LPs may not be able to fulfill capital calls

If you’re thinking about raising a fund next year, think again.

The downturn in the public markets has had a significant impact on limited partners, throwing their allocations out of whack, and there is growing anecdotal evidence that venture and private equity firms are being affected.

Take for example Alpinvest Partners, which has more than $51 billion under management. The LP is currently evaluating about $3 billion worth of secondaries “with a short fuse,” according to a VC source. The investor says that Alpinvest told him that it has no interest in new funds because “so many great managers can be had for 50 cents on the dollar” on the secondary market.

The VC source says that he was also recently approached by another LP with several billion dollars under management. (He declined to name the investor.) The LP has seen the value of its liquid securities decline from about $2 billion to $1 billion and is now concerned that it won’t have the cash to fund $1.5 billion in commitments to VC and PE firms.

The VC says that to make certain it has cash, the LP is begrudgingly selling stock and pulling money out of hedge funds. It has also reached out to every one of its fund managers to let them know about its situation and ask for their help.

It doesn’t want to have to sell its stakes on the secondary market, so it’s asking funds to transfer parts of its commitments to other LPs, the VC says.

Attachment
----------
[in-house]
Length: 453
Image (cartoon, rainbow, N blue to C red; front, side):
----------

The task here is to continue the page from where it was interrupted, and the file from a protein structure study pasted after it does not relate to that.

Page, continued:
In the case of this particular VC, the LP committed less than $20 million and is looking to reduce its commitment by 50% to 75 percent. Though the commitment is relatively small, the LP is pursuing the reduction. “They’re looking for scraps anywhere they can,” the VC source says.

This VC’s experience is not unique. The Wall Street Journal reported last week that the California Public Employees’ Retirement System, the nation’s largest public pension fund, “has been unloading stocks and other assets in a falling market to make sure it has enough cash to meet its obligations, including capital calls due to private-equity partners.

CalPERS has asked some of its partners to delay their capital calls, according to people familiar with the matter. A CalPERS spokesperson said that CalPERS has been ‘working with its private-equity partners on the timing’ of the capital calls.”

Other LPs are also trying to raise capital. Harvard Management Co. has retained Cogent Partners to sell about $1 billion worth of stakes in venture and buyout funds, as first reported in mid-October by PE Week affiliate peHUB.com.

Last week, VentureWire reported that, in addition to CalPERS and Harvard, the list of LPs asking their GPs to delay capital calls, looking to sell stakes on the secondary market or sell other assets to raise capital includes the university endowments of Brown University, Columbia University Investment Management Co., Duke University Management Co. and University of Virginia Investment Management Co. —Lawrence Aragon